0-16 in Religion
I was raised from the womb until the age of 16 as a Jehovah's Witness, I was never really a part of it. I never got baptized, by the end I hated everything about it. The worst part was not being able to voice any opinions I had on the religion, not unless I wanted them to fall on deaf ears and be considered immoral. I learnt from a very early age that to survive you just had to shut your gob and fake it.
As a young child it was the fear of death that haunted me, pictures of people dying if they didn't serve God (sorry, if they didn't get baptized in the one true religion). I hate them for that. Also for ruining my childhood with their boring, tedious meetings (church services), no privacy (even my mail was getting opened). I won't lie, we had food and shelter, but feeling like an outcast from society, and also the JWs deep inside, I was a very quiet isolated child not really belonging anywhere.
In the last few years of being there I'd made 'worldy' friends in school who I'd meet up with out of school, and I was influenced greatly by them and how they acted. If they smoked, so what? They were still decent human beings. By the end I was forbidden to see them, but I'd pretend to go to somewhere else and still meet them. I had to throw away a CD (The Holy Bible by Manic Street Preachers if anyone's interested!) but I fished it out of the bin the next morning and hid it. Defiant acts like that became the turning point, I was under so much stress after having to live a lie for so long that I was breaking down, and where before there was guilt and fear if I rebelled, by then I really didn't care. There was too much pain inside.
I became very self aware and questioned what I was being taught, and I didn't agree with so much of it. Their attitudes to women and gays, knowing there was hypocrisy, fake smiles, and thinking 'Oh isn't it such a coincidence that I happen to be born into the one true religion, aren't I lucky' when I knew that if I'd been born into another I'd be being told the same thing.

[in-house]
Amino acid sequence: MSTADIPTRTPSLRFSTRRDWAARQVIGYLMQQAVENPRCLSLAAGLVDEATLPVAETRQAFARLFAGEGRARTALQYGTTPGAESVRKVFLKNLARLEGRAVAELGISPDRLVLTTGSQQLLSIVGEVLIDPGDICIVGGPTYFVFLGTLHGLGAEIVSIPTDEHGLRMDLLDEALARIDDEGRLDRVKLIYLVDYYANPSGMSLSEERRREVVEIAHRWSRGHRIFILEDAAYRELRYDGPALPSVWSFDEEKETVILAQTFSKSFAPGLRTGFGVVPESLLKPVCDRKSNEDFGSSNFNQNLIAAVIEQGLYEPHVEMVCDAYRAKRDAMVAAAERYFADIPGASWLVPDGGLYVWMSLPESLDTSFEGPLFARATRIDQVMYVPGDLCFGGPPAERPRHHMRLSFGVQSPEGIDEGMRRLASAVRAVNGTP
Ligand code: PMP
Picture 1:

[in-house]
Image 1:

I stopped answering at meetings, something we were made to do and I hated also because I was so quiet. I'd get a disapproving look from dad, I knew he'd be having a talk later with me about it, I knew he was more interested with how it made him look as a parent than my spiritual wellbeing. There was a time I was forbidden from going out if I didn't answer at least once, but it didn't work. I still refused to answer, to hell with the consequences, I was sticking to my guns.
We started reading the bible as a family on a non-meeting night and I'd had enough. It was already too much going to the meetings and preaching, this was crossing the line and damaging me emotionally. It got to the point where it all built up in me, I threw the bible on the floor and left the room. My step mother came to talk with me and encourage me to come back and sit with them, but after realizing I wouldn't her tune changed and she got angry, with words of how bad and worldy my attitude was.
Salvation came not long after when I was told that if I didn't change my ways, I'd have to go and live with my mother. I wasn't a fan of change, making new friends, I was also in the middle of my final exams, but I didn't care. I just wanted to escape. I called their bluff and said I wanted to move. One day after my last exam I was living in a better place.
The pressure washed away, I was finally able to be with non-believers (my mother, an exjw, and my stepdad). I kept the religious books I had for a few months before getting the courage to throw them away. There's alot of guilt and fear when leaving it, even though I hated it, because I was told from an early age about armageddon, that's not something you can dispose of lightly in your mind. I took comfort knowing that it could all be wrong, but that even if it wasn't, I would rather be killed than spend eternity living with JWs. And if God wasn't going to let me live because I didn't agree with his sexist homophobic views, I was going to die with a higher sense of morality than him and his followers.
In time, the fear of death wore off, as did my insistence on trying to please everyone I knew.
All things considered, now I am well adjusted and able to think for myself. I've had no contact with my dad since 1998, and quite honestly I don't want it, the reminders of the religion and his smug superior attitude judging me for leaving what his life revolved around.
Now I find it very enjoyable, pretty much a hobby, to debate religion. It's probably very theraputic if nothing else. While I hold alot of anger in from the way I was raised, I'm in the perfect position now to tell them how sh*t it all is. I know THEIR arguments, because I was on that side.